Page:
|Matthew Henry's Concise Commentary|
45:5-10 There is no God beside Jehovah. There is nothing done without him. He makes peace, put here for all good; and creates evil, not the evil of sin, but the evil of punishment. He is the Author of all that is true, holy, good, or happy; and evil, error, and misery, came into the world by his permission, through the wilful apostacy of his creatures, but are restrained and overruled to his righteous purpose. This doctrine is applied, for the comfort of those that earnestly longed, yet quietly waited, for the redemption of Israel. The redemption of sinners by the Son of God, and the pouring out the Spirit, to give success to the gospel, are chiefly here intended. We must not expect salvation without righteousness; together the Lord hath created them. Let not oppressors oppose God's designs for his people. Let not the poor oppressed murmur, as if God dealt unkindly with them. Men are but earthen pots; they are broken potsherds, and are very much made so by mutual contentions. To contend with Him is as senseless as for clay to find fault with the potter. Let us turn God's promises into prayers, beseeching him that salvation may abound among us, and let us rest assured that the Judge of all the earth will do right.
Verses 9-13. - ISRAEL WARNED NOT TO CALL IN QUESTION GOD'S MODES OF ACTION. Apparently, Isaiah anticipates that the Israelites will be discontented and murmur at their deliverer being a heathen king, and not one of their own body. He therefore warns them against presuming to criticize the arrangements of the All-Wise, reminding them of his unapproachable greatness (ver. 12), and once more assuring them that the appointment of Cyrus is from him (ver. 13). Verse 9. - Woe unto him that striveth with his Maker! Let the potsherd strive, etc.; rather, woe unto him that striveth with his Maker, a potsherd among potsherds of the ground: All men are equally made of "the dust of the ground" (Genesis 2:7). Israel has no prerogative in this respect. He, too, is "a potsherd among potsherds" - day moulded by the potter; no more entitled to lift up his voice against his Maker than the vessel to rebel against the man who shapes it (comp. Isaiah 29:16; and see the comment furnished by St. Paul in the Epistle to the Romans 9:20-24). What would a man think if the clay that he was fashioning objected to being moulded in a particular form, or if a work that he had made exclaimed, "He is a poor bungler - he hath no hands"? Yet this is what a man does who finds fault with the arrangements of the Almighty.
Gill's Exposition of the Entire Bible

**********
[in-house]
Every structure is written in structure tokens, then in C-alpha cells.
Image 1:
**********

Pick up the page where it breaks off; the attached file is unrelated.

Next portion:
Woe unto him that striveth with his Maker,.... That contends with him, enters into a controversy, and disputes with him, or litigates a point with him; quarrels with his purposes and decrees; murmurs and repines at his providences, and finds fault with his dispensations: this seems to have respect to the murmurs, quarrels, and contests of the Jews about Christ, the author of righteousness and salvation, when he should appear:
let the potsherd strive with the potsherds of the earth; let men strive with men, who are as earthen vessels made of the same mass and lump, and so are upon an equal foot, and a match for each other; but let them not have the insolence and vanity to strive with their Maker, who, as he has made them, can dash them in pieces as a potter's vessel:
shall the clay say to him that fashioneth it, what makest thou? yet this might be said with as much propriety and justice as that the Jews should quarrel with God for not sending the Messiah as a temporal prince to rescue them from the Roman yoke; but in a mean and humble manner, in the form of a servant, as a man of sorrows, and acquainted with griefs; and, at last, became obedient to the death of the cross, the way in which he was to be the Saviour of men: or
thy work, he hath no hands? or thus, or "thy work say unto thee, he, the potter, hath no hands"; no power nor skill to make me; I can make myself: as weakly, as wickedly, and as foolishly did the Jews, seeing no need of the Saviour sent them, nor of his righteousness and salvation, argue for justification by their own works, and in favour of their self-sufficiency to work out their own salvation. The Targum takes the words to be spoken to idolaters, and paraphrases the former part thus;
"woe to him who thinks to contend in judgment against the words of his Creator, and trusts that earthen images shall profit him, which are made out of the dust of the earth, &c.''
and there are many interpreters who think they are spoken against the idolatrous Babylonians, particularly against Belshazzar, as Kimchi; and others, against Astyages, a king of Persia, who was angry with the father and mother of Cyrus, and sought to have slain him as soon as born (q).
(q) Vid. Abendana in Miclol Yophi in loc.
Jamieson-Fausset-Brown Bible Commentary
9. Anticipating the objections which the Jews might raise as to why God permitted their captivity, and when He did restore them, why He did so by a foreign prince, Cyrus, not a Jew (Isa 40:27, &c.), but mainly and ultimately, the objections about to be raised by the Jews against God's sovereign act in adopting the whole Gentile world as His spiritual Israel (Isa 45:8, referring to this catholic diffusion of the Gospel), as if it were an infringement of their nation's privileges; so Paul expressly quotes it (Ro 9:4-8, 11-21).
Let … strive—Not in the Hebrew; rather, in apposition with "him," "A potsherd among the potsherds of the earth!" A creature fragile and worthless as the fragment of an earthen vessel, among others equally so, and yet presuming to strive with his Maker! English Version implies, it is appropriate for man to strive with man, in opposition to 2Ti 2:24 [Gesenius].
thy … He—shall thy work say of thee, He … ?
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